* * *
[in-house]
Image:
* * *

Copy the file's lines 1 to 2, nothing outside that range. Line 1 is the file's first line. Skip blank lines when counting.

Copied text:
[in-house]
Image: